Situation-Specific Considerations. These agreements also include more situation specific terms tailored to reflect the reason for entering into the arrangement as well as the goals to be accomplished. Many times the purpose of the forbearance agreement is to allow the borrower to take certain actions or implement changes to its business. The overall purpose should be spelled out and the actions to be taken -- often broken down into components or steps -- must be requirements under the arrangement. Frequent reporting and disclosure regarding these steps will also help the lender monitor progress, even before deadlines are reached.

Forbearance arrangements may be beneficial in wide variety of situations (too many to be fully enumerated here). Below are some simple examples based on actual situations that should shed light of the general utility of these arrangements.

  • In one situation, the borrower suffered a significant, and likely long term, reduction in sales. The company was able to adjust its operations to maintain profitability (positive EBITDA) but could no longer service its debt in full. The borrower’s plan was to sell boot real estate collateral not needed for the operation of the business. A forbearance arrangement was put in place under which the real property was to be sold. The arrangement included interim targets and deadlines such as the retention of a broker and execution of a purchase contract, and reporting tied to those steps. A market sale of the real property generated a significant loan paydown, and the remaining balance was modified to match the new business size.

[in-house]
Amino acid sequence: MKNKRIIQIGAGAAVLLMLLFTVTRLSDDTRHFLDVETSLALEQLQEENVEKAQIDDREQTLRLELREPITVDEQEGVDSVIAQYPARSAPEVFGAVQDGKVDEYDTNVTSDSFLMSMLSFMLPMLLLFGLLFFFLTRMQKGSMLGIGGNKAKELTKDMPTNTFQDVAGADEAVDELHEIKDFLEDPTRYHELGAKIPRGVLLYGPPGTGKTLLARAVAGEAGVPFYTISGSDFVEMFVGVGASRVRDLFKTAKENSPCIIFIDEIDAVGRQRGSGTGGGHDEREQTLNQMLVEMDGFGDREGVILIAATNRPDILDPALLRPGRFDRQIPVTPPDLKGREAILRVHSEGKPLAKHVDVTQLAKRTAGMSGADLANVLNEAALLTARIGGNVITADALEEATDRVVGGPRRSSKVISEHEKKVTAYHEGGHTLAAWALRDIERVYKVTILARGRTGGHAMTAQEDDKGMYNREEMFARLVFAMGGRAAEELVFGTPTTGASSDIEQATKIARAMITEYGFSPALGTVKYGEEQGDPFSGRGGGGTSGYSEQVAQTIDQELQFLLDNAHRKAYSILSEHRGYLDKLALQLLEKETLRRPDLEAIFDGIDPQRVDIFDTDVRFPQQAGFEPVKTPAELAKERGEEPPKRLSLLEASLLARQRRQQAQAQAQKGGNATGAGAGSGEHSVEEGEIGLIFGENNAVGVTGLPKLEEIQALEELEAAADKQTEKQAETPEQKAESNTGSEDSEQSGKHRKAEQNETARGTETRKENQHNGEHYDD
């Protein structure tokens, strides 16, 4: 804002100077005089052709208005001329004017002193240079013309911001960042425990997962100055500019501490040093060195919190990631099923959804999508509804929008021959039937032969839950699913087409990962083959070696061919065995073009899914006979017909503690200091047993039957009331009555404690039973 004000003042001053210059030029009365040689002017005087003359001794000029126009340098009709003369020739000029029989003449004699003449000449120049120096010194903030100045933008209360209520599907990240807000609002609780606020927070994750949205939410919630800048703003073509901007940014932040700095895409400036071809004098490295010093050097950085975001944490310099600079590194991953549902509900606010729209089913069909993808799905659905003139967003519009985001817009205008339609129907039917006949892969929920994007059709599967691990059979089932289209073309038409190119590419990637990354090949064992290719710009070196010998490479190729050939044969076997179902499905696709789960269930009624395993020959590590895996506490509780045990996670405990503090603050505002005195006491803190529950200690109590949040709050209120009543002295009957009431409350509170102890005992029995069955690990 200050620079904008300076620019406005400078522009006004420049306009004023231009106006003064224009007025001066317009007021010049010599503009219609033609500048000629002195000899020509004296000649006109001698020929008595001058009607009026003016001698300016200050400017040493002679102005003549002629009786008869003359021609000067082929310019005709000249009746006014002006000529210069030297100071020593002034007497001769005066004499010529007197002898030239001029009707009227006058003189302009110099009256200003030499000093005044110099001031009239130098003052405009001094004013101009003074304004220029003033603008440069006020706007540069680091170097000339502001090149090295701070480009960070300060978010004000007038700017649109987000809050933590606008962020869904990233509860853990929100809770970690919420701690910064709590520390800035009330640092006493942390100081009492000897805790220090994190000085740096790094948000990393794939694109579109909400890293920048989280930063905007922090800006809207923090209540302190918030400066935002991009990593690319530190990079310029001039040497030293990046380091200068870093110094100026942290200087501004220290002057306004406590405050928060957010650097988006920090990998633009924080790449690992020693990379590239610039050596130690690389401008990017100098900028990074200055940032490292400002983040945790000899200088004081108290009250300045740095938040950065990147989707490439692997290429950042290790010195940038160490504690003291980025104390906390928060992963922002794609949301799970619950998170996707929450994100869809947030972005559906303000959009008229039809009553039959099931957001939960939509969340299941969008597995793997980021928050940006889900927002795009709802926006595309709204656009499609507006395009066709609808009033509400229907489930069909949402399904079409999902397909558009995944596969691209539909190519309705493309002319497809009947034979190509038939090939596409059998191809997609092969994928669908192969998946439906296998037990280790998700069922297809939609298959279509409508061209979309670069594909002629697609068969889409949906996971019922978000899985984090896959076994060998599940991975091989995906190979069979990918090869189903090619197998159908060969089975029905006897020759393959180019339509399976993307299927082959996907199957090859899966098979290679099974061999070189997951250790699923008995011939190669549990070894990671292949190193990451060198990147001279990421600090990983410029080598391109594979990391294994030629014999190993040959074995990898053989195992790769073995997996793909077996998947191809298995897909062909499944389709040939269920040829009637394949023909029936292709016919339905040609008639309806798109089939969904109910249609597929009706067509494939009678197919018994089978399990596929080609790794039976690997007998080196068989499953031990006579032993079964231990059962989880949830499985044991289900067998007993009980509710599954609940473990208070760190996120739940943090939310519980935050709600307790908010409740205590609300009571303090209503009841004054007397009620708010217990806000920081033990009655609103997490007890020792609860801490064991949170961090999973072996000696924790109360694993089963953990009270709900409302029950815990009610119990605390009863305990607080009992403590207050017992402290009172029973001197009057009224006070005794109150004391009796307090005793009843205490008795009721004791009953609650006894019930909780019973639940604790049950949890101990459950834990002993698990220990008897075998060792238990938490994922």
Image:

• In another case, a borrower seeking to address financial problems restructured its business operations rendering several large capital assets surplus to the business. A forbearance arrangement was put in place under which the assets were to be marketed to pay down the loan and minimum collateral release prices were agreed to. Marketing and selling the assets in a non-distress situation resulted in significantly higher prices/loan pay downs. Although, for other reasons, the borrower’s turnaround plan did not ultimately succeed, the lender’s exposure was decreased significantly and the remaining balance was still fully secured.
  • In another situation, a borrower proposed a turnaround plan acceptable to the lender but needed time to implement it. The parties entered into a short term forbearance arrangement, subject to extensions if certain benchmarks were met. The major action steps in the turnaround plan were incorporated as covenants under the arrangement.
  • Finally, we’ve seen numerous cases where an exit strategy, such as a refinance or sale of the company, is already being pursued, and only needs time to see if it can be carried out. In those situations, the forbearance arrangement would include interim steps and disclosure and periodic reporting tied to consummation of the exit strategy.

Under the right circumstances, forbearance agreements can allow time for situations to stabilize or for parties to take corrective action. Extra time can help clarify the proper, longer-term course of action while simultaneously helping to both protect lenders’ rights and, ideally, improve their position.

Robert M. Wonneberger
Shareholder | LeClair Ryan
Robert M. Wonneberger is a shareholder at LeClairRyan. He focuses his practice on commercial law and financing including loan origination, debt restructures and workouts, and real estate.

Wonneberger regularly represents financial institutions and borrowers in originating commercial and asset based loans involving numerous businesses and industries, loans to high net worth individuals, mortgage loans secured by various types of real estate, leasehold mortgages, and equipment leases. He has extensive experience in problem loan resolution including debt restructures and workouts, loan sales, Article 9 sales and voluntary and involuntary liquidations. He also represents owners and tenants in acquisition, sale, leasing and other real estate transactions.